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Synergies between projects.
Following a busy few days with field trips late last week I am now back in the office and have the opportunity to catch up on some tasks, one being to complete this blog entry. Being the first Monday in August it is a public holiday in Ireland. For some strange reason I partly feel hard done by working on a big holiday weekend back home, however when I look out the window here at a winter’s day of about 20 degrees celsius and blue skies I don’t feel so bad. Added to that I have been reassured that all I am missing is plenty of rain, unfortunately a common characteristic of Irish summers.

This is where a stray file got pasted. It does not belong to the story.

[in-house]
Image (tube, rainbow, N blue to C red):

One recent afternoon I had to visit the IntraHealth International office and couldn’t help but notice how busy and energetic the atmosphere is there. In many ways it reminds me of the office I work in back in Dublin as while very busy and professional, people do also know how to make you feel welcome and have an occasional laugh which is very important. IntraHealth International leads many of the large scale projects in Kenya collaborating with numerous partners, hence the busy environment. The most recent addition was the FUNZOKenya project which was awarded in April 2012. FUNZOKenya is a USAID funded project spanning a five year time period from 2012 to 2017. ‘Funzo’ means training in Kiswahili. Accordingly key areas of focus on the project will be pre-service training for new health workers, supporting training of the current health workforce, strengthening the capacity of training institutions and working closely with regulatory bodies in this area. The project will operate across the entire health sector, public and private (private including faith based organizations). The FUNZOKenya project really will complement the existing Capacity Kenya project and the two projects combined will bring about some great changes. While Capacity Kenya helps remedy the health worker shortage and meets the needs of the health workforce, FUNZOKenya now comes in to ensure they have right skills and can keep these updated. Employees that are encouraged to up-skill or develop will be more likely to feel empowered, valued and remain in their current employment. Last week a significant milestone in my assignment objectives was completed. The Capacity Kenya human resource information systems (HRIS) team installed the iHRIS system in the two hospitals we are working with as pilot / demonstration sites. A big thank you goes out to Daniel Gitau Maruru and Mwangi Kabiru (HRIS Officers IntraHealth International)! Over the coming fortnight we will focus on loading employee details and training users so that both hospitals can begin realizing efficiencies of having personnel details available in an online system rather than tracking this information on paper. I will also be focused on working with key stakeholders from both CHAK and IntraHealth International / Capacity Kenya on developing a strategic plan to ensure this initial footprint is expanded upon by having more health facilities within the CHAK network adopt use of the system. Aside from reducing manual paper based systems another reason to get more hospitals using human resource information systems is to allow easier tracking of training and certification. As much as it is vital to develop and update skill sets and competencies of health workers, from an operations process perspective, these details also need to be maintained to ensure full and accurate personnel profiles exist. FUNZOKenya will assist with training but paper systems are not ideal for maintaining records. Facilities that are then able to produce key data on their health workforce, breakdowns by cadre, skills and training present not only a professional picture to external stakeholders but also gain from having data readily available as an input into strategic decisions.View all posts by Albert.Dunne »